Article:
Last Friday, Illinois health officials presented plans to deal with any future Ebola cases in the state. These include establishing a test lab, taking the temperature of some foreign travelers, and forming a task force aimed at better communication.
But a trip to a nearby West African lunch truck revealed that big communication gaps still remain in some parts of the city.
As the West African vendor served up plates of fufu and goat, he said that, so far, he hadn’t seen any shortages in ingredients imported from Africa.
But a customer standing in line thought the vendor was, instead, being asked about the safety of West African food.
“Ebola cannot infect our food,” said the cab driver who only wanted to be identified as Chris. “Because our food is properly cooked. It is cooked to at least 90 degrees.”
Chris continued by sharing his view on the true origin of Ebola.
“That thing (Ebola) is a white man’s disease,” he said. “They created it in a lab to kill us, and to make the pharmaceutical companies rich.”
Within minutes, fellow cab drivers joined in the conversation, asking “Why is it that the black man who came from Africa, he died? But the white man lived. We won’t let anyone fool us anymore.”
While some of these views may seem extreme, they echo a larger question in the world health community about why an Ebola vaccine has been so long in coming.
Laurie Garrett is a Senior Fellow for Gobal Health at the Council on Foreign Relations. She said market forces affect the development of these medications.
“Because it’s so rare, and it occurs among very poor people, where is the financial market incentive for the pharmaceutical industry to get in there and commercialize it?” she asked.
Indeed, until recently, that incentive has not existed. But it did get a big push last month when the Bill and Melinda Gates Foundation committed $50 million to addressing Ebola.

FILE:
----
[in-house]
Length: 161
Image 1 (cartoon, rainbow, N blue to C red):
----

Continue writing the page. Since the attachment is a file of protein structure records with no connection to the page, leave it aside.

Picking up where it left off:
Still, Garrett says there are other factors that have slowed progress on an Ebola vaccine.
“How do you clinically test a vaccine against a disease that you cannot possibly ethically induce in your test subjects, and that occurs so rarely,” she asks. “Also, you don’t really have a population that is routinely exposed in order to test how well the vaccine really works.”
One Liberian-born, American professor offered up an answer to that question. He believes human trials have already begun...on unsuspecting Africans as part of a plan by the U.S. Department of Defense. The Delaware State plant pathologist detailed these suspicions in a letter that went viral last month in Liberia’s largest daily paper, further fueling speculation.
This and other factors have driven continuing suspicion about a racial component to the outbreak.
“The white woman who went to England: she was healed,” Chris, the cab driver, noted. “The nurse who went to Spain: She was healed. The white boy who who came to America. He was healed. But the black man who came to Texas, in America—in America he died.”
Last week, Illinois’ Director of Public Health LeMar Hasbrouck stressed that communication will be key in the Ebola fight. And that the new task force would have to: “Coordinate public messaging so we are not giving different messages to different audiences, so we are all on the same page there.”
WBEZ asked Hasbrouck’s department how and if it planned to address some of the racially-based perceptions on Ebola. The department did not respond.
Monica Eng is a WBEZ producer and co-host of the Chewing The Fat podcast. Follow her at @monicaeng or write to her at firstname.lastname@example.org